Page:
HiRoads developer Diary

If you remember 5 Commodore 64 games I would like to see ported in Flash, you know I am a great fan of Trailblazer, the game that inspired Tileball.

Today I am proud to introduce Filippo Bodei from Monkey Odyssey his Trailblazer-like game HiRoads.

Let’s read Flippo Bodei’s developer diary:

Introducing Monkey Odyssey
I’m a new developer in the scene but I’ve been designing games since I was able to think. Monkey Odyssey is born with the intent to give finally a form to my thoughts.
Monkey Oyssey has a very deep philosophical meaning, and it is clearly inspired by 2001: A Space Odyssey: the Monolith, which is supposed to give birth to the intellect in monkeys and to enable in this way the evolution, turns on like a monitor and shows a videogame. At this point, the smart one should have already understood the frightening truth: what makes a man actually a man, is the Videogame.
So, Monkey Odyssey labels my creations from now on.
Heavily influenced by late eighties and early nineties, all of my games have a retro touch that I hope will result in a nice nostalgic experience for the ones playing.

Introducing HiRoads

Coming from an Amiga background, I had my first IBM compatible experiences on the 386 of a friend of mine. I remember playing Bubble Bobble (better on the Amiga), Sensible Soccer (better on the Amiga) and some other game that was absolutely inferior to the Amiga counterpart. So I was spending my time with a game I couldn’t play on my gaming station. That game was SkyRoads.
I remember we had the shareware version, so only a few levels were available, but that was enough to produce so much fun I could hardly believe it.
Growing up I had Personal Computers supporting my gaming needs and only with the advent of Internet I managed to have the full version of SkyRoads.
Here I knew frustration. Advanced levels were so difficult that more than once I turned off my computer cursing Bluemoon (SkyRoads developer), just to find myself playing again a few minutes later.

Fast-Forward some years…
Finally I found in Flash the way to shape my creations. It was perfect for retrogaming, so I started learning from tutorials all around the web.
When I found the Basic 3d Tutorial from Kirupa, I had an epiphany. I was clearly seeing SkyRoads inside that tutorial, and the thought of porting that great game on the net was the only I could keep in mind.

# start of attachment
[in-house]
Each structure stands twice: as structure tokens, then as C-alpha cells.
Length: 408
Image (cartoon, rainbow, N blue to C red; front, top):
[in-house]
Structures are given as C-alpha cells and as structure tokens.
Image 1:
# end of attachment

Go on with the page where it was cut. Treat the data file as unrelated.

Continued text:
After a while I found that someone had the same idea, but SWFRoads wasn’t giving me the right feelings, so I didn’t care and went on my own.
Yes, that was the first experience coding something that was not a button, but that was also my test bed. If I would have been succesful in coding something so difficult, it would have meant I was on the right track.

Developing HiRoads

When I was brainstorming on how to develop the game, Actionscript 3.0 was beginning to spread among flash developer. I decided to go upriver, coding the good old way, because otherwise I had to learn a brand new language, inevitably lengthening times. Due to this, debugging turned out to be a nightmare, but challenge never scared me.
It all started on paper. I drew on my notebook all the blocks I wanted in my games, specifying points in 3d, offsets and heights. I drew perspective views of the game and I was enthusiastic I will have soon seen all those sketches in movement.
I had to merge my knowledge of tile based engines and my understandings on the new 3d notions and finally I had a black and white checkerboard running towards me.
All the tiles were built defining 3d points, face colors and properties like height and everithing that was needed for a nice collision detection.
So, no Papervision (no AS3, remember?) came in help managing all the depth sorting for me. I had to do all from scratch. I was learning how to develop a game developing a game.
Many developers suggest to start low, writing Pac Man or Breakout clones. But I didn’t want to develope those games, so I started with something that my skills couldn’t permit me to do.
My skills increased until I could find a solution for all the problems I encountered, and they were sooooo many!
Collision detection was the key point. If that would have been approximate, the whole game would have not had much sense. I made many mistakes building the collision engine because I haven’t thought at all the possible situations before starting to write it.
When I was resolving a problem, two different were appearing. I fortunately got rid of them all but, actually, I’m not totally satisfied of how my ball behaves. Now I can’t change anything without going through a complete rewrite of the code. Yes, that would be a good thing, but I’m going to code in the right manner in one of my next game.
Before, I mentioned a ball. SkyRoads had a spaceship running through levels, but I wasn’t very happy with it. I always liked the 3d Amiga Ball in the demo showing the 3d capabilities of the computer, so I went for it (not to mention that it was like the ball that was in Trailblazer, a game which SkyRoads was clearly inspired to).